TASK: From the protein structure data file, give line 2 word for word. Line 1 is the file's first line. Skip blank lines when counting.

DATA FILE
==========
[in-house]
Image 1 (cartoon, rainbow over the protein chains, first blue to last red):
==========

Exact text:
Image 1 (cartoon, rainbow over the protein chains, first blue to last red):